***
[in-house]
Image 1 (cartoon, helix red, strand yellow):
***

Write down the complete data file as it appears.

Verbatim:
[in-house]
Image 1 (cartoon, helix red, strand yellow):